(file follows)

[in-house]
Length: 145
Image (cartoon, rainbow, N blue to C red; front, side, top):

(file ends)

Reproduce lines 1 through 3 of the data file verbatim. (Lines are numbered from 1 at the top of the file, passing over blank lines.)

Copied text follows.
[in-house]
Length: 145
Image (cartoon, rainbow, N blue to C red; front, side, top):